Amber Nolan is hitchhiking across the country — by air. Not commercial air, but general aviation.
Two years ago, while living in Fort Lauderdale, Fla., the 29-year-old travel writer began a quest to see all 50 states. With 42 states now recorded in her travel log, Nolan landed at MidCoast Regional Airport in Hinesville on Tuesday morning.
“As a travel writer, I’ve been all over the world,” Nolan said. “(Then one day) I realized I’ve seen all these exotic places, but I’ve never seen the Grand Canyon. I’ve never been to a national park. I haven’t seen what’s in my own backyard.”
Nolan said she began thinking of ways she could travel around the country. Car travel was too slow and expensive. She doesn’t care much for commercial air travel because of the baggage checks and full-body scans. Then her roommate, who worked at the Fort Lauderdale airport, told her that general-aviation pilots were always asking if anyone was interested in taking a flight in their single-engine airplanes, seaplanes and small, private jets. That sounded like fun, she said, and it was free.
From inside a large passenger plane, Nolan doesn’t feel like she’s flying and can’t really see anything outside the plane at 40,000 feet. From a two-seater Cessna, however, she can experience flying at a lower altitude and actually see America from a bird’s-eye view.
Nolan started a blog site, www.JetHiking.com, to record her travels and post photos. She admits the name chosen is a little misleading, in that most of the small planes she “hitches” rides on are not jets. A message posted on the site by this “jet-hiking gypsy” invites others to live out their own dreams.
“Dreams can take you far, but only if you’re willing to fly,” the message says.
She uses other websites to gather information that helps her get from airport to airport and find places to stay when she lands. According to Nolan, www.coachsurfing.com contains information that connects travelers with people willing to open up their homes, or provide a couch or washing machine.
“It’s a really cool way to meet people,” she said. “I think a lot of times, we only hear the negative things about this nation. I’ve found that 99 percent of the people in this country are good people.”
Nolan said traveling via general aviation means landing in smaller airports in rural areas, which she called “the heart and soul of America.” When she arrived in Hinesville on Tuesday, she caught a ride into town, ate dinner at Zum Rosenhof and then visited Steve Berg’s Aerodrome (grass-strip runway) in Midway. Nolan counts a state as officially visited only if she’s able to get outside the airport and “get a feel for the community.”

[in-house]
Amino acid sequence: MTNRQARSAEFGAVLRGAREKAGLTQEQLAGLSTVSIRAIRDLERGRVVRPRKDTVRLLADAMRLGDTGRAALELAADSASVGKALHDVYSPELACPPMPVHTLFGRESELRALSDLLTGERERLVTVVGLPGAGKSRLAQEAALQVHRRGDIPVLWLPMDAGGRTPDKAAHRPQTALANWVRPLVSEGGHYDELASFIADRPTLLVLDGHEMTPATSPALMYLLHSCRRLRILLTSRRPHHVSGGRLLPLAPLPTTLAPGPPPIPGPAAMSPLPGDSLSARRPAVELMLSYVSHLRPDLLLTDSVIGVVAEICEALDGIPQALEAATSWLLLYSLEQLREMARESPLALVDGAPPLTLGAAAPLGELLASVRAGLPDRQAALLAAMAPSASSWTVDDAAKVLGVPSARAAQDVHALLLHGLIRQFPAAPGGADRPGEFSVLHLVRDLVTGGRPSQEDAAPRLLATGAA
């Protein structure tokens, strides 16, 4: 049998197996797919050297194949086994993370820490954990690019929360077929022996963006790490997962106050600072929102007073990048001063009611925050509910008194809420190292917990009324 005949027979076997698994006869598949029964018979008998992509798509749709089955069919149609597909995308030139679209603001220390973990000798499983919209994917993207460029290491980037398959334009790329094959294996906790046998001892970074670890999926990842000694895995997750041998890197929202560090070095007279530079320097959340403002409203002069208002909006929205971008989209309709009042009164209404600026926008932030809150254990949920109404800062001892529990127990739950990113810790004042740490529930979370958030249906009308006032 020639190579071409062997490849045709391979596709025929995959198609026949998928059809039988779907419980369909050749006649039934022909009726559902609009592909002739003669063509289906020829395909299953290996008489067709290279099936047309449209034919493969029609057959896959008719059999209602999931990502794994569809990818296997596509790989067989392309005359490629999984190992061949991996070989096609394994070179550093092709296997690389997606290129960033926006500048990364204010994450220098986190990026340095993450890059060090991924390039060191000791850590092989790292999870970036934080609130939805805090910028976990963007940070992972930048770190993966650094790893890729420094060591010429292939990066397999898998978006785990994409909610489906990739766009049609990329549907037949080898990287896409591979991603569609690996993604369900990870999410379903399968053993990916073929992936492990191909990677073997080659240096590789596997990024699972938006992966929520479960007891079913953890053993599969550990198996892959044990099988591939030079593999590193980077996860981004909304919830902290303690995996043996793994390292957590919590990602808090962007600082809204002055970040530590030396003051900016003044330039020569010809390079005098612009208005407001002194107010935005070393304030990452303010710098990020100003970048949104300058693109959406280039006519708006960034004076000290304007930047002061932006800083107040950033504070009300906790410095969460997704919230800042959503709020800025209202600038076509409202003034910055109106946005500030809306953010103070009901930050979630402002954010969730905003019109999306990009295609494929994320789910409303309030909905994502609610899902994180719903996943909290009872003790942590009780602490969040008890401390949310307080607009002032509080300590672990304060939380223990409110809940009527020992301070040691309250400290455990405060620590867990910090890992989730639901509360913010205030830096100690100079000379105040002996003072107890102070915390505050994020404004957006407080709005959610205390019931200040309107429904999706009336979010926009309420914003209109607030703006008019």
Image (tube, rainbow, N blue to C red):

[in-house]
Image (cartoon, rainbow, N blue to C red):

She travels light — a small backpack weighing about 35 pounds, a handbag and a tiny pup tent. If possible, Nolan tries to avoid using the tent, although she has camped in the desert, mountains and near grass-strip runways. She recalled a frightening encounter with a black bear while camping near a rural airport in California. She expressed her appreciation for the hospitality of several pilots and their families with whom she’s stayed.
Usually, she stays no more than a day or two at a time, but when her savings begin to run short, she finds part-time work such as housekeeping, bartending, dishwashing or working as a deckhand on a sailboat. She said she already was used to doing odd jobs to support herself, having chosen travel writing as a career after completing her bachelor’s in journalism at a college near her home in upstate New York.
“You always have to have a second job to support that,” she said. “When I run out of money, I go to work. My goal at this time is to get to Point Barrel, Alaska — the northern-most airport in the country. I started at the southern-most airport in the country — Key West, Fla. Yesterday, I was in Jacksonville.”
When asked where she planned to go next, she said simply “north.” She goes wherever her ride is flying, as long as it’s in a north to northwesterly direction. After leaving Hinesville, Nolan caught a ride to Franklin, North Carolina, southwest of Asheville.
She said there are a lot of misconceptions about the aviation industry, especially recreational flying. After she’s been to all 50 states, she wants to get her pilot’s license. Nolan said she’s already taken a discovery course but has learned so much more by flying with professional pilots. She also has learned a lot by watching and listening to what they tell her about weather conditions and “stuff they don’t teach in pilot training.”
“I think this has been the best education I could have,” Nolan said. “I’ve learned so much more by traveling than when I was in college.”
The remaining states the JetHiking Gypsy has to visit include Alaska, Hawaii, Oklahoma, Missouri, Kansas, Illinois, Indiana and Utah. After she visits all 50 states, Nolan hopes to expand her quest to international destinations.